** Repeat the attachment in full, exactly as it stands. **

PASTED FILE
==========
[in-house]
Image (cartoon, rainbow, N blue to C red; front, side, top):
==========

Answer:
[in-house]
Image (cartoon, rainbow, N blue to C red; front, side, top):